Days of Heaven (Terrence Malick, 1978) = 4.5/5
A fraught love triangle plays out amidst the Texas Panhandle in one of the best-looking films of all time. Is this a case of style over substance? I say the style is better than the substance, but the substance is still very respectable. My favourite image from the film would have to be the one pictured above. A swarm of locusts rapidly takes to the heavens after doing its damage to a farmer's wheat fields. It's the type of cinematic image that inspires the epiphany, "This is why I love the movies." Ennio Morricone's score is the other highlight of this majestic film. My admiration for Malick as a director grew to crazy heights after watching Days of Heaven.
Spring Breakers (Harmony Korine, 2013) = 2/5
The latest film from the warped psyche of Harmony Korine is a miscalculated, directionless romp and I have no idea of the demographic he is pitching it to. The late, great Roger Ebert was fond of saying, "A film is not what it's about, but how it's about it." What that means is that a film is not inherently bad because it contains a rape scene. The film is judged on how it incorporates the rape scene and why it includes it. Now, Spring Breakers does not contain a rape scene, but it could almost be seen as advocating rape culture. I did not like what this film was about, and I only cared a little bit about the way it was about it. My full review: http://savona93.blogspot.com.au/2013/05/review-spring-breakers-2013.html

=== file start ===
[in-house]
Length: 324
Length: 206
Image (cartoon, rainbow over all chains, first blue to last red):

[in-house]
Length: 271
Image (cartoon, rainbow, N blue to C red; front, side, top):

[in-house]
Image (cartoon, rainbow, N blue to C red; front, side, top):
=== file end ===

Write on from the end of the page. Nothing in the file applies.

Room 237 (Rodney Ascher, 2012) = 3.5/5
Seeing as The Shining is my second-favourite film of all time, there was no way I could resist watching this documentary about the wild conspiracy theories surrounding that 1980 Kubrick gem. We hear some fascinating theories but it feels very much like a rough draft of something greater. The visual style is rather inconsistent and often distracts from what is being said. Overall, this is a curious little oddity for fans of Kubrick and The Shining, although it won't be that accessible if you're not familiar with the genius director or his adaptation of the Stephen King novel.
Modern Times (Charles Chaplin, 1936) = 4/5